Mum, what are you doing?

Christmas is a time when families spend more time together than they would ordinarily do throughout the year. Lots of families notice over the Christmas break, that perhaps things for their parents or older relatives are not going as well as they thought. We often receive calls from distressed family members early each New Year wanting to talk about some things that they noticed while enjoying extended family time.

To be honest, it’s a busy time of the year and the stress of it can make even the best of us forget things, mix things up or do things like make the Christmas cake with salt instead of sugar. In the hustle and bustle of life these things are all perfectly understandable. Then there are the things that you notice your mother or your father doing that make you stop, nudge a sibling and whisper “What is Mum doing?” or “Why has Mum got $1,000 stashed in the cutlery drawer?” or “Do you even know who this Louise is she is talking about?” or “Why is there a table setting for Dad when as far as I know he passed 10 years ago?”. So how do you sift out what to worry about and what to simply put down to Christmas chaos?

If Mum or Dad or even your Aunty are not really coping as well as you would have thought, there are a few good indicators that you can pick up on that don’t immediately require an interrogation of the person involved.

These will include such things as:

  • Noticing that clothing is not as clean or to the standard that the person would have previously presented themselves in. This also includes, whether or not they are doing their hair the same way or applying makeup etc. There are good reasons why this might be the case. It could be that they are having trouble with the washing machine, their shoulder is hurt from carrying groceries or something similar. It doesn’t necessarily mean that they have stopped noticing or caring.
  • Seeing a once sparkling clean house, with grime build up or stains on the carpet or a bathroom in need of a good scrub. Housework is a good work out and there comes a time when we all need a little help with it, knowing when to ask for that help can be hard for some people.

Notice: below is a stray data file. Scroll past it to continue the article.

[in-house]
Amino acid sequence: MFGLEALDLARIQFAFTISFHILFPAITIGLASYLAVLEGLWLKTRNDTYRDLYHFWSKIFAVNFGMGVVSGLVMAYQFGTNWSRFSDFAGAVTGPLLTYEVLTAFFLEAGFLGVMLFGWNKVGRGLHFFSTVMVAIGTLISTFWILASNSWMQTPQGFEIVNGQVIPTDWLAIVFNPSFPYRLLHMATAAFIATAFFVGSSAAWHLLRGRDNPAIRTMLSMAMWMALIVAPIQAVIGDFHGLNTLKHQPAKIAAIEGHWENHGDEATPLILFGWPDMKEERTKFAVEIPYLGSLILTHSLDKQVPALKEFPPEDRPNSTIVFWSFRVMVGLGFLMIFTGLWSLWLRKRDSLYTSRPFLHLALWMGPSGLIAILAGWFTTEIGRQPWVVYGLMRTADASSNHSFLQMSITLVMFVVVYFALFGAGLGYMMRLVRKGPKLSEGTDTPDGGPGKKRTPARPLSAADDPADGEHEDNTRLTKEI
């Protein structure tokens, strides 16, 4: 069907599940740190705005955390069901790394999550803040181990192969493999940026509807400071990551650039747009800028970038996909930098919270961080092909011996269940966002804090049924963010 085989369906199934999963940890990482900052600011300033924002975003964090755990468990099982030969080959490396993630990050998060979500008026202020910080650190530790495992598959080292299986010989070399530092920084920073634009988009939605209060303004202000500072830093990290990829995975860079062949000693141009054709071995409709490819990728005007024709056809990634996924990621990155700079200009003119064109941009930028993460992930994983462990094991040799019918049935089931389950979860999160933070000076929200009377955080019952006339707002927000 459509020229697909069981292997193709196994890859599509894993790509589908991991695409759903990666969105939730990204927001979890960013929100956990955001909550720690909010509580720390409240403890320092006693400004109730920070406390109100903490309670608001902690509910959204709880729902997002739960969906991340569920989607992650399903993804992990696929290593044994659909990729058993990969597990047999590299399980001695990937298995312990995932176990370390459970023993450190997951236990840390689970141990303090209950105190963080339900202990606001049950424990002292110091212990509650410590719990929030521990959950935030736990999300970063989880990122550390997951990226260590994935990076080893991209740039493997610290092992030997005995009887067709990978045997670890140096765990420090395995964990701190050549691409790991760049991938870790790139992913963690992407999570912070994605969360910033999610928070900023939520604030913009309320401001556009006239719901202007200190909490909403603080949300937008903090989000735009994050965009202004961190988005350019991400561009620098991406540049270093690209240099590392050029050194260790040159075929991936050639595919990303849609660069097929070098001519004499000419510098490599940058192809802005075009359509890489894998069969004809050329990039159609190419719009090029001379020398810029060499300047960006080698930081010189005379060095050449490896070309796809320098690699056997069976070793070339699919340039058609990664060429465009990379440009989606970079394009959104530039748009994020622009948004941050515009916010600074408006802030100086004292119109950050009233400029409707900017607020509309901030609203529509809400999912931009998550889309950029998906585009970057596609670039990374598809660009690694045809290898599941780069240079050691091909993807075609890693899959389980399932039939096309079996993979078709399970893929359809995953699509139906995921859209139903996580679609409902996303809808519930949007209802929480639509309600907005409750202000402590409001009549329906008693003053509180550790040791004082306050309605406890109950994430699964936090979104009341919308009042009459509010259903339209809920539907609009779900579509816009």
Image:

• Telling the same story over and over again without realising that they are doing this or denying it when you mention they just told you. Not remembering or being easily confused is also a sign that maybe they are not coping as well as you thought.
  • Noticing that a lot of things are missing from the house. This could mean a lot of things and maybe they are just downsizing but giving things away indiscriminately probably needs some further thought and discussion.
  • Talking about things or people in the past as if they were there or happened only recently. This is a tough one because sometimes they are genuinely reminiscing and so some gentle questioning and conversation can often help you understand if it is a trip down memory lane or if it’s something else.

If you are concerned then here are some things you can do.

  • Have a conversation with siblings or other family and compare thoughts about what they have observed. Make a plan about what you collectively want to do and assign jobs to people based on their realistic capacity.
  • Contact their GP and make an appointment to go with them to make sure that they are not simply dehydrated or have another infection that can in some people make it look like they have an early dementia.
  • Make a referral to My Aged Care on 1800 200 422 to an Aged Care Assessment Team who can work with you to identify the right supports for your loved one.

For more information about Residential Aged and Retirement Living accommodation we provide call us on 1300 TRICARE

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